feeling unnoticed at work? ask yourself 3 questions to learn why

By david sturt and todd nordstrom
Insights

“I stopped trying,” wrote Leigh, a Client Services Specialist. “I took this job thinking that I could make a huge impact, but after two years of long hours, extra effort, and trying to figure out what makes my boss happy, I’ve finally reached the point where I don’t care anymore. I thought I was hired because they believed in me. But, why try if nobody is going to notice?”

Those were harsh words to read. And, sadly, Leigh is just one of many people who have reached out to us with the hope that we could offer some advice on how they can get noticed at work. Tim, a Marketing representative, told us. “But, I don’t even know if my company and boss know what I do. I don’t know if they like my work or don’t.”

It’s probably not surprising that today’s workplaces don’t practice enough recognition—even though it’s the no. 1 thing employees say influences them to create great work. It may, however, be surprising to many of you reading this as to why people want to be recognized. “I don’t need an ego boost,” wrote Alexa, an IT professional, “…I just thought this job would be the place I could make a difference. I want to know that all the work I do is appreciated.”

Globally the sentiment is the same—employees don’t want to be recognized only because it makes them feel good. They want to know that their work is making an impact.

“I feel weird asking for feedback because it makes me feel needy?” said Gerome, a Fleet Manager. “But, it seems like the only feedback we ever get is when we mess up. I think we all know what NOT to do around here. We just don’t really know what TO DO.”

Whether it’s Mumbai or Minnesota, statements like Gerome’s are common. In fact, as we travel and teach companies about the power of appreciation at least one person approaches us after a speech or writes to us later to ask the question, “You taught me how to appreciate others, but how do I get my boss to recognize me?”

That’s a great question. It’s a question we actually asked as well in The Great Work Study where we analyzed 10,000 cases of award-winning work. We wanted to know what people are doing that is being recognized. And, although we discovered many activities that lead to great work, one surprising statistic we discovered was that 88% of projects that get recognized for great work begin with an employee’s desire to create a positive difference for someone else—a manager, a coworker, or a customer. That could mean easing a burden, delivering innovative ideas, solving a problem, or delighting someone with service.

We shared this information with our friend Tim, mentioned earlier. He appeared confused. “I’m never late,” he replied. “And, I often stay later than everyone else. I meet all the expectations. I meet my goals. What do guys mean by create a positive difference? How do I do that?”

We’ve developed three simple questions every person who feels they’re not being recognized needs to ask themselves.

1. Who is the recipient of your work?

Most employees believe that their primary job is to impress their direct supervisor. And, as important as that may be, it’s critical to realize that the biggest positive difference we can often make is on someone other than our direct supervisor. Maybe a colleague is under a tight deadline and needs some help. Maybe another department would benefit immensely by a small change you could make in the way you work. Or, maybe you could delight a customer to the extent that they are absolutely thrilled by your work. Even though your actions might not immediately make a difference for your supervisor, eventually your supervisor will take notice of how you made a difference for the organization or the team.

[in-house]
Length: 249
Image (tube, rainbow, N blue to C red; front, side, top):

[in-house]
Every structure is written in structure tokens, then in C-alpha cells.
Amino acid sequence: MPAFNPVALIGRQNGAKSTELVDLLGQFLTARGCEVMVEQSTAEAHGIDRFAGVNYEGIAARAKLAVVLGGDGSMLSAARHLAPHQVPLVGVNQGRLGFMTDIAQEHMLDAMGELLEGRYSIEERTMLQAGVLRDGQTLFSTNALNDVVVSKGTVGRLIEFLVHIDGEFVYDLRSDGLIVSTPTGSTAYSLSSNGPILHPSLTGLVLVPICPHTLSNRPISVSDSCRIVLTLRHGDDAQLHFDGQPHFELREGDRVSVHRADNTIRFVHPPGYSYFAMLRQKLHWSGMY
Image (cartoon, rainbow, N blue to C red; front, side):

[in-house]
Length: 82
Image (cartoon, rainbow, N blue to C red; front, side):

2. How are they receiving your work?

We often view our own work as the product we produce in our workspace. We believe it’s our job to sit at our desk, do what we do. But, research shows that employees who go see how their work is being received are 17X more likely to become passionate about the work they’re doing. We can see how our work impacts the recipient either positively or negatively and therefore can make adjustments to the way we work or the products we create. When you do this, your boss will notice your passion and concern for the people who receive your work.

3. What can you change to make a difference?

While it may be true that nothing under our sun is actually new, we are all introduced to new combinations of old ideas every day. There was a time when there were no erasures on the tops of pencils. There was time when batteries only powered toy cars and not Teslas. And, there was a time when all watermelons had seeds. Looking at your work, the recipient of your work, and how your work is being received, ask yourself if there is something you could add or subtract that would make a positive difference for someone else. You might be surprised at how much of an impact small changes can make. And, your boss will surely recognize your results as well because work is considered 3X more likely to be called important when something is added or subtracted.

We all want our work to be appreciated. And, we all want to make a positive difference at work. But, if no one is telling us if we’re on the right track, we can feel confused and overlooked. Ask yourself these three questions before you approach your next project and watch what happens.

This post was originally published on Forbes

Categories: Appreciation, Culture, Insights

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